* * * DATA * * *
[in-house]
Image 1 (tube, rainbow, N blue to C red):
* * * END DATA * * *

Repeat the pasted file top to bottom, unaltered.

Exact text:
[in-house]
Image 1 (tube, rainbow, N blue to C red):